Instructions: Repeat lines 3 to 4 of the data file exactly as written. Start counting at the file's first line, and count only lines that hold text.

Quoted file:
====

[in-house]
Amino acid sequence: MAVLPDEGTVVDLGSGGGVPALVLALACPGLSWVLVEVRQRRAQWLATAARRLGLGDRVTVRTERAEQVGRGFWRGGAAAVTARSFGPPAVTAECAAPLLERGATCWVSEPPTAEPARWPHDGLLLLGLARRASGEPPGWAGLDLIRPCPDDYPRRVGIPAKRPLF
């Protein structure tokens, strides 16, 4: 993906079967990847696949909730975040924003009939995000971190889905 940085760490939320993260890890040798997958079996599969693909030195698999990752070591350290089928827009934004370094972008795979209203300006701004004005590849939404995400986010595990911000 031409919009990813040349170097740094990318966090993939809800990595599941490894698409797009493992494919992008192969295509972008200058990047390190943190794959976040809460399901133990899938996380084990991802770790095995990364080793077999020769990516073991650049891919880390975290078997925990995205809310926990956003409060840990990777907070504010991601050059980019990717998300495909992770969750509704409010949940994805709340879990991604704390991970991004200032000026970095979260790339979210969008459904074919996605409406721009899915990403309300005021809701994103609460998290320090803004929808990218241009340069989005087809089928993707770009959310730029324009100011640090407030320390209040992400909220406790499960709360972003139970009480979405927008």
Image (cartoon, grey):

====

């Protein structure tokens, strides 16, 4: 993906079967990847696949909730975040924003009939995000971190889905 940085760490939320993260890890040798997958079996599969693909030195698999990752070591350290089928827009934004370094972008795979209203300006701004004005590849939404995400986010595990911000 031409919009990813040349170097740094990318966090993939809800990595599941490894698409797009493992494919992008192969295509972008200058990047390190943190794959976040809460399901133990899938996380084990991802770790095995990364080793077999020769990516073991650049891919880390975290078997925990995205809310926990956003409060840990990777907070504010991601050059980019990717998300495909992770969750509704409010949940994805709340879990991604704390991970991004200032000026970095979260790339979210969008459904074919996605409406721009899915990403309300005021809701994103609460998290320090803004929808990218241009340069989005087809089928993707770009959310730029324009100011640090407030320390209040992400909220406790499960709360972003139970009480979405927008």
Image (cartoon, grey):